With the proliferation of social media sites such as blogs, Facebook, and LinkedIn, and their increasing prominence in the business realm, it is not surprising that employers have begun to access the information posted on these sites in the course of conducting background checks on prospective employees.
As discussed in previous issues of Workwise ( Another Brick in the Wall: Arbitrator Upholds Discharge for Offensive Facebook Postings), ( Facebook: What Employers Need to Know about Workplace Privacy, Discipline & Dismissal), employers may discipline or terminate employees based on inappropriate material they post on the internet.
However, legal risks may arise for employers even before the employment relationship has begun as a result of using social media websites to collect information about job candidates.
Although employers may consider reviewing the contents of a prospective employee's Facebook page part of their due diligence, this practice would likely be considered a collection, use or disclosure of personal information under Alberta's Personal Information Protection Act, which governs how private organizations collect, use and disclose personal information. To that end, the Office of the Information and Privacy Commissioner of Alberta has recently released "Social Media Guidelines1" which identify the legal risks that arise in this context. In order to "click with caution," employers should keep the following eight pointers in mind.
"Publicly Available" Doesn't Mean What You Think It Does: It's a Defined Term in PIPA
Employers may be of the view that information prospective employees post about themselves on the internet is "fair game" because it is publicly available. However, the provisions in PIPA that allow for collection, use and disclosure of personal information without consent if the information is "publicly available" are heavily circumscribed by the PIPA Regulation, which defines "publicly available" as personal information contained in public, business or governmental directories; judicial or quasi-judicial decisions, and magazines, books and newspapers when the information was provided by the individual. As it is unlikely that information posted on social media sites is captured by this definition, this information would not be considered "publicly available" for the purposes of PIPA.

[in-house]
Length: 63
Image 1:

Take Only What You Need: The Privacy Risks Going Beyond the Traditional Reference Check
In order to justify a social media background check, an organization must be able to demonstrate that the collection is reasonable in terms of purpose and scope. In other words, employers must be able to demonstrate that there is a reasonable...